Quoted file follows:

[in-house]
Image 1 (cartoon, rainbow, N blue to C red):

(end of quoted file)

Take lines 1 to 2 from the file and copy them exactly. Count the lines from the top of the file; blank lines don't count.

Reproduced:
[in-house]
Image 1 (cartoon, rainbow, N blue to C red):